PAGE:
Congratulations! If you’ve stumbled upon this article, you’re either thinking about hiring your first employee or you’re putting the feelers out there to see if it might be a viable option for the future. Either way, this is an exciting time and it’s great to get yourself prepared.
Whether you’re a freelancer who’s ready to start growing their business, or a sole trader looking to share the workload, hiring your first employee can be just what you need to give you and your company that extra bit of oomph. And with many companies making the move to hybrid or remote working, knowing the ins and outs of how to hire remotely is essential to stay ahead of the curve.
Below, we’ve created this handy guide to help you hire your first employee, with practical tips and advice to get you where you need to be. We’ll look at:
Disclaimer: The information in this guide is for your reference only; it is not a legal document. We recommend that you seek your own legal advice when it comes to hiring your first employee, as well as utilising GOV.UK’s plethora of documentation and legislation.
Knowing when you’re ready to start hiring
For many freelancers, being a lone wolf is the dream – but when workloads become too heavy, or you start craving more time off, it can be tempting to think about hiring someone new.
However, choosing to employ someone too soon can lead to cash flow issues – but leaving it too late can make you feel overwhelmed and overworked. So when is the right time to hire your first member of staff?
Whatever reason you have for wanting to take on your first employee, the most important step is to make sure you can afford it. Which brings us on to our first step:
Recruitment doesn’t have to be expensive – but in order to do it properly, you might want to consider outsourcing it to the experts. Even if you do decide to recruit by yourself, it’s important to work out your own costs, as it will take up time – time that could be spent on client work.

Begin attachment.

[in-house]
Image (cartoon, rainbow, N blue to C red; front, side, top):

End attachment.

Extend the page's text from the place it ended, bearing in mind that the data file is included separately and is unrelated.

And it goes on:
You can use a straightforward formula to work out what your cost per hire might be:
Cost per hire = (your time costs + any external recruiting costs) / the number of people you’re hiring
So for example, if your time is worth £50 per hour and you need a week to write a job description, post on LinkedIn, Indeed, Monster etc., then sift through applications, then contact applicants, THEN conduct interviews, and finally, create a watertight contract, that will be around £1,875. Add external recruitment costs to the equation, it all starts to add up.
You then need to decide on salary for your new hire. If you’re using an external recruitment agency, they’ll have data to help you decide on a fair wage. For your own research, use job board websites or LinkedIn to view similar roles. Ultimately, you will know how much you can afford to pay an employee – and what the value of their work to your company is.
National Insurance, pensions, and PAYE
This guide might seem overwhelming, but it’s so important to ensure you’re not missing anything essential when it comes to hiring your first member of staff. You want to get it right, so you don’t get any nasty surprises down the road.
Aside from salary and recruitment costs, you’ll also need to look at the cost of National Insurance, your employee’s pension, and then PAYE fees. You must provide a pension, regardless of the size of your business (currently just you!), if your new member of staff is over the age of 22 and earning at least £10,000 per annum.
Now you’ve worked out your costs of hiring and are satisfied with the results, you now need to decide whether you should hire a freelancer or an official, part time or full time employee.
Benefits of hiring a freelancer
Disadvantages of hiring freelancers
Benefits of hiring someone part-time or full-time
Disadvantages of hiring permanent employees